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From Peru with flavour

The country has been declared the world’s best food destination six years in a row. No better reason was needed for the embassy to release four cookbooks of the cuisine

“Cooking is like painting or writing a song; just as there are many colours or notes, there are many flavours; it’s how you combine them that sets you apart.” The quote, by famous chef Wolgang Puck, comes to mind when I hear about the recent unveiling of four cookbooks on Peruvian cuisine by the Embassy of Peru in India! It underlines the fact for me that the world is, indeed, an amalgamation of diverse cultures and traditions, waiting to be discovered and re-discovered.

I am told that Peruvian cuisine can be summarised as a fusion of flavours, starting from pre-Columbian and Inca-Quechua times, to Spanish-Moorish, African, Chinese, Italian and Japanese cuisines, giving it a touch of distinction and prominence among the world’s most renowned cuisines! However, it should be noted that Peruvian cuisine does not rest solely on the adaptation of exogenous cultures, their culinary customs, and subsequent infusions as mentioned above, but is a constant endeavour to incorporate new influences, while maintaining its traditional originality.

So what was the core idea behind the cookbooks? Jorge Juan Castaneda Mendez, the Ambassador of Peru to India, who recently unveiled the four books in the capital, sums up the answer to the question aptly: “You see, our responsibility is to present the multiple facets of our country; this is the crux of our job: public diplomacy. The idea is to introduce India to the diversity of Peruvian cuisine, which includes some of its emblematic dishes using kitchen staples like potatoes, corn, rice, fish and poultry products. In fact, Peru has consistently been recognised as the World’s Best Culinary Destination, the sixth year in a row, including this year, at the prestigious World Travel Awards, considered by many to be the Oscars of the tourism sector. This recognition is a source of much pride for our country.”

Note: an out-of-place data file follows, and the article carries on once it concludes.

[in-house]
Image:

FOOD FOR THOUGHT: With the embassy’s backing, interest in Peruvian cooking is bound to grow, judging from the seriousness with which a select audience listened to the chef’s discourse

What are the similarities between Indian and Peruvian cuisines? Not only do both cuisines draw from a pot pourri of the world’s cuisines, while maintaining their originality, but are also similar as far as indigenous cooking utensils, techniques, and usage of native ingredients are concerned. In fact, the recipes mentioned in all the cookbooks can easily be prepared by any Indian household as they do not require the use of special ingredients and/or application of complex techniques.

So which dish is the ambassador’s favourite? “Ceviche!” is the prompt reply. One of the national dishes of Peru, it is made from fresh raw fish, cured in lemon juices, and spiced with aji chilli peppers. Additional seasonings, such as chopped onions, salt, and cilantro, may also be added. Imagine: the dish even finds appeal with me, who prefers to be vegetarian! Ceviche is usually accompanied by side dishes that complement its flavours, such as sweet potatoes, lettuce and corn.

Besides the conventional way of spreading the word through the press, I am told that the cookbooks have also found their way to major Indian gastronomy schools, supported by live demonstrations. What strikes me about the entire endeavour is the simplicity of establishing the people-to-people connect; as they say, the way to the heart (and not only a man’s) is via the stomach. “Cooking is like love; enter with abandon, or not at all!” How true, indeed!